In Earth's History


Sedimentary Rock: Sedimentary rocks are types of rock that are formed by the deposition of material at the Earth's surface and within bodies of water. Sedimentation is the collective name for processes that cause mineral and/or organic particles (detritus) to settle and accumulate or minerals to precipitate from a solution.

Metamorphic Rock: Metamorphic rocks arise from the transformation of existing rock types, in a process called metamorphism, which means "change in form". The original rock (protolith) is subjected to heat (temperatures greater than 150 to 200 °C) and pressure (1500 bars), causing profound physical and/or chemical change.

Igneous Rock: Igneous rocks are formed from the solidification of molten rock material. There are two basic types: 1) intrusive igneous rocks such as diorite, gabbro, granite and pegmatite that solidify below Earth's surface; and 2) extrusive igneous rocks such as andesite, basalt, obsidian, pumice, rhyolite and scoria that solidify on or above Earth's surface.

  1. Stratification is the relative social position of persons in a given social group, category, geographical region or other social unit. In modern Western societies, stratification is often broadly divided into three main divisions of social class: upper class, middle class, and lower class.

2. Fossils have been known to people for hundreds of years, but it was not until the late 1700’s and early 1800’s that people began to really think hard about what fossils are and what they mean. At this time, a few individuals were beginning to guess that the earth was much older than had previously been believed. These thinkers used ideas from human history to begin studying earth history.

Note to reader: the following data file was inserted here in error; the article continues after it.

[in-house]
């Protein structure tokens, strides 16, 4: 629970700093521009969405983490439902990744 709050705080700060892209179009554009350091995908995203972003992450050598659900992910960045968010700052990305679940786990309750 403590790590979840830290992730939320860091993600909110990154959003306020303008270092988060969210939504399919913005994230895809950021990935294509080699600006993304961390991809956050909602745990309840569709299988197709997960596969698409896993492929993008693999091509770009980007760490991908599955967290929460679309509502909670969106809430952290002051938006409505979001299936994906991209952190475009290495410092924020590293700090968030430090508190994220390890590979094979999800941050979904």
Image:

I think that the younger one's are on top because when the new ones come the older ones ger pushed down.


                        #BrainCellsInUse                                  By: Cierra Eagleburger

Cells- the smallest structural and functional unit of an organism, typically microscopic and consisting of cytoplasm and a nucleus enclosed in a membrane. Microscopic organisms typically consist of a single cell, which is either eukaryotic or prokaryotic.

What the differences are between a plant and animal cells-Although, the overall function of the cell is the same, there are some important differences between animal and plant cells. The firstdifference is that plant cells have an organelle called chloroplast. Chloroplasts contain a pigment called chlorophyll (which gives the plantits green color).

-Plant Vs animal cells-Plant and animal cells have several differences and similarities. For example, animal cells do not have a cell wall or chloroplasts but plant cells do. Animal cells are round and irregular in shape while plant cells have fixed, rectangular shapes.

Plant and animal cells are both eukaryotic cells, so they have several features in common, such as the presence of a cell membrane, and cell organelles, like the nucleus, mitochondria and endoplasmic reticulum.